Joseph Brown (1818-1864), Ancestor No. 3

Genealogists can universally relate to the incredible rush that comes with discovering a new pair of ancestor grandparents – AND the dread when it sinks in that their names are going to be nightmares to research.  Maybe that despair is palpable in our community because I received so much unsolicited help with Joe and Mary Brown, it still boggles my mind.

Joseph Brown was born in Geauga County, Ohio in 1818, the son of Rev. William and Ruby (Miller) Brown.  Joseph married Mary Gifford Richmond, daughter of Allen Richmond and Betsey Dennison Jones (a clatch of New England surnames that gets any expert’s pulse racing!), and they had three children – Libbie, Allen and Joseph. (Libbie’s daughter was Ancestor #1, Lula Ralston.)  Going in, I knew Joseph died in 1864 – easy to assume he died in the war, but I didn’t know.

The first bit of help I got was from a man who is into something called Philatelic Genealogy – the tracing of families and groups of families through the letters they wrote and received. He tracked me down when he saw an image reproduced in an article on, an image of an 1862 envelope addressed to Joseph Brown with the 6th Ohio Volunteer Cavalry, Co. D, at Camp Dennison, Ohio, c/o Capt. Barrett.  (The article had to do specifically with stationery of the time that featured images of President Lincoln – as this envelope does.)

Lincoln env Jan62

The pieces all fit – the postmark of Newton Falls, the company organized in and around Trumbull County, the date… this was some great information with which to move forward.  I found Mary in the Pensioner’s Census of 1890 – and all the details matched.  I found Joseph’s grave in Brooklyn, New York, of all places – Cypress Hills National Cemetery. And again, the company/regiment details matched. And I finally found Mary’s various applications and affidavits for her Widow’s Pension, and the whole story unfolded.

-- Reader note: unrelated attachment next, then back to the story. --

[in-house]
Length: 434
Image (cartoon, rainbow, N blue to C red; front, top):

Around this time in the process, I received the second major surprise gift. A retired history teacher from Columbus, Ohio, tracked me down and told me of a letter he’d been using for years of Civil War lessons. He was now retired and wanted to forward the letter to a family member. Addressed to Joseph Brown – same outfit, same camp, same Commanding Officer. Same postmark, dated February 16, 1862, about a month after the first letter. Same handwriting, my 4th Great-Grandmother’s handwriting.

Mary Brown ltr Feb62

New this time was the letter – Mary’s words, Mary’s voice. And that voice was maaaad! She was not remotely pleased that Joseph had gone and enlisted, and she seemed to think that since his outfit had not yet left camp, perhaps the whole endeavor might be ending and he might be home by the first of March, “if not before.” But her anger abates, and she writes longingly of the day he does actually return.

Of course, the letter is heartbreaking because Joseph never did return. His unit was shipped out and became part of the Army of the Potomac, taking part in several major battles.  In the winter of 1863-64 they had encamped before Grant’s push to Richmond, which would take place in the Spring.  But Sgt. Brown wasn’t around for that campaign. He fell ill in March and was removed to Lincoln Hospital in Washington – a field hospital on the grounds of what is now Lincoln Park on Capitol Hill.

The final bit of serendipity came from Dwight Goff, another member of Company D. In Mary’s Widow’s Pension application package is Goff’s affidavit which described Joseph’s final days in amazing detail. Goff had also taken sick and was also removed to Lincoln Hospital, where he met up again with Sgt. Brown.  To prepare for an expected rush of injured soldiers, the hospital had decided to transfer its less critical patients to a Navy hospital at Portsmouth Grove, Rhode Island. Goff and Brown both made that trip – “and we resolved to keep together,” Goff wrote.  The men arrived at Portsmouth Grove on May 12, 1864; Sgt. Brown died on the 19th, was buried on the grounds of the hospital, then eventually reinterred at Cypress Hills.

From Rev. Brown’s kid in Montville to the wagonmaker in Newton Falls, from Bull Run to Gettysburg, Generals Sheridan and Grant, Rhode Island and Brooklyn… yep, he’s THAT Joe Brown.

Joe’s father, Rev. Billy Brown, was a wildly eccentric preacher and circuit rider in Western NY to NE Ohio, very famous in his day… but that’s another story. Or two.


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